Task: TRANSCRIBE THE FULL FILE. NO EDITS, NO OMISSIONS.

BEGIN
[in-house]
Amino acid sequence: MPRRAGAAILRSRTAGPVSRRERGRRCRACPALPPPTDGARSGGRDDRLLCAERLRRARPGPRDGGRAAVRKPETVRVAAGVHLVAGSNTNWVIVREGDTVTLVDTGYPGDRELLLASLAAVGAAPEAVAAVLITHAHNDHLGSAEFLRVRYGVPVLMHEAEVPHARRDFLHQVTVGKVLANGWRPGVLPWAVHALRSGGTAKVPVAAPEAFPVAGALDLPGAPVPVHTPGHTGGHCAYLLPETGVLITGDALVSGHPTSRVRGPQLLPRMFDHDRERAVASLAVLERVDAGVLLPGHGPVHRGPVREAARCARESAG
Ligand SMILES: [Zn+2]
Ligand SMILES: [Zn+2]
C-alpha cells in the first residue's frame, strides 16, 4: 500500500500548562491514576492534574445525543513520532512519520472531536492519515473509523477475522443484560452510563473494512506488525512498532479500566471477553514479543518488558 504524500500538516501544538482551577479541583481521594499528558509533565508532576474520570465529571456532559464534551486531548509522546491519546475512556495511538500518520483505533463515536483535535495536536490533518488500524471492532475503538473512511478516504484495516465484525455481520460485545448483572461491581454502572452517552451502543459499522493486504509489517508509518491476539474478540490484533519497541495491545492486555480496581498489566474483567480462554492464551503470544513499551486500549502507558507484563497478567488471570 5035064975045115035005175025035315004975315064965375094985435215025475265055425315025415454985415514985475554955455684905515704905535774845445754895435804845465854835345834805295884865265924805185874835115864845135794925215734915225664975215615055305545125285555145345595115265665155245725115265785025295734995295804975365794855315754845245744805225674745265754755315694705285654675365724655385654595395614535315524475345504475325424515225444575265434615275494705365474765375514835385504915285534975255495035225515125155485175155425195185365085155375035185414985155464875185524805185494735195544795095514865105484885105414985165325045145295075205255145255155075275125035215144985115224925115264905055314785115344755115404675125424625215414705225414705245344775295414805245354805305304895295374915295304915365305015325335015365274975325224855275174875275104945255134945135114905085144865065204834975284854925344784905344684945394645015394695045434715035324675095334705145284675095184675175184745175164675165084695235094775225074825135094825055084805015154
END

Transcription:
[in-house]
Amino acid sequence: MPRRAGAAILRSRTAGPVSRRERGRRCRACPALPPPTDGARSGGRDDRLLCAERLRRARPGPRDGGRAAVRKPETVRVAAGVHLVAGSNTNWVIVREGDTVTLVDTGYPGDRELLLASLAAVGAAPEAVAAVLITHAHNDHLGSAEFLRVRYGVPVLMHEAEVPHARRDFLHQVTVGKVLANGWRPGVLPWAVHALRSGGTAKVPVAAPEAFPVAGALDLPGAPVPVHTPGHTGGHCAYLLPETGVLITGDALVSGHPTSRVRGPQLLPRMFDHDRERAVASLAVLERVDAGVLLPGHGPVHRGPVREAARCARESAG
Ligand SMILES: [Zn+2]
Ligand SMILES: [Zn+2]
C-alpha cells in the first residue's frame, strides 16, 4: 500500500500548562491514576492534574445525543513520532512519520472531536492519515473509523477475522443484560452510563473494512506488525512498532479500566471477553514479543518488558 504524500500538516501544538482551577479541583481521594499528558509533565508532576474520570465529571456532559464534551486531548509522546491519546475512556495511538500518520483505533463515536483535535495536536490533518488500524471492532475503538473512511478516504484495516465484525455481520460485545448483572461491581454502572452517552451502543459499522493486504509489517508509518491476539474478540490484533519497541495491545492486555480496581498489566474483567480462554492464551503470544513499551486500549502507558507484563497478567488471570 5035064975045115035005175025035315004975315064965375094985435215025475265055425315025415454985415514985475554955455684905515704905535774845445754895435804845465854835345834805295884865265924805185874835115864845135794925215734915225664975215615055305545125285555145345595115265665155245725115265785025295734995295804975365794855315754845245744805225674745265754755315694705285654675365724655385654595395614535315524475345504475325424515225444575265434615275494705365474765375514835385504915285534975255495035225515125155485175155425195185365085155375035185414985155464875185524805185494735195544795095514865105484885105414985165325045145295075205255145255155075275125035215144985115224925115264905055314785115344755115404675125424625215414705225414705245344775295414805245354805305304895295374915295304915365305015325335015365274975325224855275174875275104945255134945135114905085144865065204834975284854925344784905344684945394645015394695045434715035324675095334705145284675095184675175184745175164675165084695235094775225074825135094825055084805015154